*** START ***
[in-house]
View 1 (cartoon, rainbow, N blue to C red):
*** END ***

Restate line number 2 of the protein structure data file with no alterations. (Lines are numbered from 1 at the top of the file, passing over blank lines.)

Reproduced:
View 1 (cartoon, rainbow, N blue to C red):